The left-hand side features a hybrid slot that can take in two SIM cards or one SIM and one microSD card. On the opposite side, there’s a power button and volume rocker with a nice, clicky feel to them.
Now, about the display: It measures 6.3 inches, which is plenty more than the 5.9 inches on the Huawei Nova 2i despite the Nova 3i being around the same size as the previous model. The resolution is 2,340 x 1,080 pixels, certainly decent for the screen size, while the aspect ratio is 19.5:9, expected on a notch phone.
Physically, we also like how the glass on top of the panel tapers seamlessly into the band of metal around the sides. It gives the unit a more polished appearance that more closely resembles Huawei’s premium devices than those in the midrange or lower-end of the market. We’ve noticed the glass is more resistant to smudges and fingerprints as well.
With its bezels trimmed to be nearly non-existent, the screen-to-body ratio of the Huawei Nova 3i has been bumped up to 81 percent, according to the company. As for the notch, there’s the option to hide it by tinting the status bar black across all applications. We’ve seen enough notch phones to the point where we don’t mind the cutout at the top at all anymore.
The overall picture quality is among the better ones on the market — sufficiently bright for outdoor use, with good color reproduction and deep blacks and wide viewing angles. It’s a great and sizable panel for gaming and viewing content. We like it very much.
For the Nova 3i, Huawei has upped the performance of the cameras — the count still sits at four — on the device, with the OEM increasing the sensor resolution on the main selfie camera to 24 megapixels, from 13 megapixels on the Nova 2i. The cameras on the front and back are still accompanied by a secondary 2-megapixel sensor to help the phone isolate your subject against a blurred background.
As you can see from the images below, portrait-style shots come out looking decent, but Huawei’s edge-detection algorithm needs to be more consistent. Granted, we’re using a unit running beta software, so there’s reason to be optimistic.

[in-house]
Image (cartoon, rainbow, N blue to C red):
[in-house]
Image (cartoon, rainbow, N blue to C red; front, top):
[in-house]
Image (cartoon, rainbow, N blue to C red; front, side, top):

Picture without bokeh effect vs. portrait-style shot
Another sample set
On a positive note, the overall image quality is superior over last year’s Nova handset, meaning brighter and more detailed photos, even in low light. You can definitely take quality pictures using this handset regardless of which setup you choose.
Photos captured on the Huawei Nova 3i vs. the Huawei Nova 2i: More detailed, brighter, better
Importantly, the company has dramatically overhauled the camera software on the Huawei Nova 3i with AI and AR elements, to give you a better point-and-shoot experience. When activated (by pressing the “AI” icon in the camera interface), the AI will automatically detect and select the best settings in real time for the best results.
Fond of taking pictures of your meal? This phone will tend to crank up the colors and saturation to make your grub look more appetizing on social media. Snapping a selfie indoors? Key settings such as white balance will be adjusted accordingly to render skin tones more accurately. You get the picture.
Sample selfies taken with the Huawei Nova 3i: Without AI vs. with AI
Another set of images: Without AI vs. with AI
Huawei says the Nova 3i can identify 22 different scenes and multiple objects in the frame. Huawei’s Pro mode, on the other hand, gives you complete control over the main camera functions and allows shooting in RAW format for more post-processing options in Adobe Lightroom and other similar software.